1969 – 72: University of Ghana BA degree in sociology/archaeology.
1989 – 94: Ph.D. in Ethnomusicology. State University of New York at Buffalo. Thesis: The Ghanaian Concert Party: African Popular Entertainment at the Cross Roads Published by University Microfilms, Ann Arbor, Michigan 1995 (pub. No. 95-09102)
1995: Joined Staff as lecturer of the Music Dept , University of Ghana at Legon
2000: Associate Professor, University of Ghana, Legon.
2002: Full Profesor. University of Ghana, Legon.
2003-5: Head of the Music Department , Univ of Ghana.
2005: On retirement but as a Senior Lecturer and Full Prof on post-retirement contract with the University.
2009: Became the Chief Editor of the School of Performing Arts Journal.
COURSES AVAILABLE FROM PROF. JOHN COLLINS AUGUST – DECEMBER SEMESTER 2005
- GRADUATE COURSE MUSC 675: SOCIOLOGY OF MUSIC AND I
A critical examination of the field generally looking at music anthropology, sociology and social history, The origins of music, music in pre-history, in pre-industrial societies (including traditional Africa) and a social history of western music A comparison of Western music (particularly art music) and traditional African music and musical life, as illustrated in the interrelationships between musical forms, musical practices, musical/artistic symbols, social institutions and world-views.
- GRADUATE COURSE MUSC 673: AFRICAN POPULAR MUSIC I
Sub-Saharan African stylistic areas and theoretical models. Particular emphasis on relation of African popular music to traditional performance, colonization, nationalism, urbanization, migration, class stratification, generation and gender identities.
- UNDERGRAD COURSE MUSC/SPAM 455: PROCESS OF ART
A one-semester work experience course for Ghanaian students to develop an independent self-motivated orientation and to develop skills in planning, management, documentation and presentation of results. Furthermore students are encouraged to explore and create new job opportunities for themselves through a process of monitored contextual inquiry. No exam, but a detailed end of semester research paper is required to obtain grades. A small grant is available for transport and documentation purposes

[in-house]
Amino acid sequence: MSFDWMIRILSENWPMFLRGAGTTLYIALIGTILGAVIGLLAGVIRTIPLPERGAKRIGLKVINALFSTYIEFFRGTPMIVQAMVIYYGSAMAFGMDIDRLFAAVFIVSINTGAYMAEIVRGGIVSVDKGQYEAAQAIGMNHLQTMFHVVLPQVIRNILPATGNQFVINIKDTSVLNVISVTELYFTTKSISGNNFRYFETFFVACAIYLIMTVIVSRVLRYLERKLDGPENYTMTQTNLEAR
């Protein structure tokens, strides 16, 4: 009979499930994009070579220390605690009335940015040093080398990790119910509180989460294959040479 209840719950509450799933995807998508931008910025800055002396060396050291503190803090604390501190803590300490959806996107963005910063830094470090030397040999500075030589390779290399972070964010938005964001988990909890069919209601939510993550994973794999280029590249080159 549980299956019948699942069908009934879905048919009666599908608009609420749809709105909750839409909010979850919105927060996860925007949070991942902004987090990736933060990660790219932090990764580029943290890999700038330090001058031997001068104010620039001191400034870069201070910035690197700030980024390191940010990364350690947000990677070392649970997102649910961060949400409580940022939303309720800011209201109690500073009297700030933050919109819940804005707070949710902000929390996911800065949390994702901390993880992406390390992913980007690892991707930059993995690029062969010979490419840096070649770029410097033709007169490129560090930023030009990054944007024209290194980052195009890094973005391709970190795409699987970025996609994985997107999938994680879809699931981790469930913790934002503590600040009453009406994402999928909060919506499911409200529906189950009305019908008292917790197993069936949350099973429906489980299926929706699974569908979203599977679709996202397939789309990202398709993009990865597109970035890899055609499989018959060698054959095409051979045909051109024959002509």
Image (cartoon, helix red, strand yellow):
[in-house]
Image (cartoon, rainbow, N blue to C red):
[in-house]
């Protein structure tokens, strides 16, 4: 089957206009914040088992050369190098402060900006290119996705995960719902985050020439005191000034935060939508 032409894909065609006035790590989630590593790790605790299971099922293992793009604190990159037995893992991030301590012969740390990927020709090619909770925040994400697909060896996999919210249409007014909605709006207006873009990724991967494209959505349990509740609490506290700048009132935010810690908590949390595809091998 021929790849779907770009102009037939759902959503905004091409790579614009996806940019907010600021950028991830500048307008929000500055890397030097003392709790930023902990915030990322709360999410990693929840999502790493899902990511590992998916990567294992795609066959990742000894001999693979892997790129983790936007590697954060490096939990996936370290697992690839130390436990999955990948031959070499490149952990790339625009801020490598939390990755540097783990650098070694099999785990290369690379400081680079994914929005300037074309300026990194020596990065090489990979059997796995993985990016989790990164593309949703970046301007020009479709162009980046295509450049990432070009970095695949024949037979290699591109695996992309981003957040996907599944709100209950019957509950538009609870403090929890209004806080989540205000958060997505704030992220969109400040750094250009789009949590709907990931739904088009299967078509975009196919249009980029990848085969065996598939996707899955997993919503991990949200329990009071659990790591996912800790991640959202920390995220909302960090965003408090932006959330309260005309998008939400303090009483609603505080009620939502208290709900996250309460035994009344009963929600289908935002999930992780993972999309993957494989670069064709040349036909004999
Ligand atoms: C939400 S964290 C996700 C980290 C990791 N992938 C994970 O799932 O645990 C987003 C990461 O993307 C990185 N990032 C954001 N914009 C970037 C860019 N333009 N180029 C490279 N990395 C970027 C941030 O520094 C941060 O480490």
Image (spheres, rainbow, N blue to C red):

- FOREIGN UNDERGRADUATE STUDENTS
As there is no BA degree in the first semester on African popular music, it is possible for foreign students to take the MUSC 673 African Popular Music I course for an undergraduate BA degree. In this case, the foreign student should sign up to the PROCESS OF ART 455 course but attend the graduate MUSC 673 lectures. Credits are given for term work and a special exam credited under PROCESS OF ART 455
PROF. JOHN COLLINS COURSES AVAILABLE FROM 2007 TO DATE
- GRADUATE COURSE. MUSC 678: SOCIOLOGY OF MUSIC II
A course that includes music anthropology, social symbolism and history, The origins of music, music in pre-history, in pre-industrial societies (including traditional Africa) and a social history of western music. The interrelationships between musical forms and practices and the broader institutional arena within specific socio-cultural epochs. And also, differing musical worldviews in differing or changing social contexts.
- GRADUATE COURSE. MUSC 676: AFRICAN POPULAR MUSIC II
Written research project for the students who took the first semester course.
- UNDERGRAD COURSE. MUSC/SPAM 326 PROCESS OF ART
A one-semester work-experience course for Ghanaian students to develop an independent self-motivated orientation and to develop skills in planning, management, documentation and presentation of results. Furthermore students are encouraged to explore and create new job opportunities for themselves through a process of monitored contextual inquiry. Research focus includes artists, genres, media-houses, recording studios, music unions and other performance bodies. No exam, but a detailed end of semester paper is required to obtain grades. Maximum number of students x 30
- UNDERGRAD. MUSC/SPAM 316: AFRICAN POP MUSIC I
General introduction to the popular music of sub-Saharan Africa - Ghana and Anglophone West in particular. Origins of African popular music. Stylistic areas. Relation of popular music to traditional performance, the Black Americas, local identity and modernisation. Focus on Ghana and Anglophone West Africa (suitable for foreign students)
- UNDERGRAD. MUSC 416: MUSICAL TRADITIONS OF THE AFRICAN DIASPORA (also suitable for foreign students)
African traditional music and its retentions and re-interpretations in the Americas. African-American popular and religious cult music from historical, cultural and stylistic perspectives – with a special emphasis on the Caribbean. The impact of various Black Diasporic popular performance styles on African popular and neo-traditional music since the 19th century.
- UNDERGRAD. COURSE: GHANAIAN POPULAR MUSIC
In 2009, a new undergraduate, level 300 (third year) course was added to John Collins’ syllabus entited “Ghanaian Popular Music”.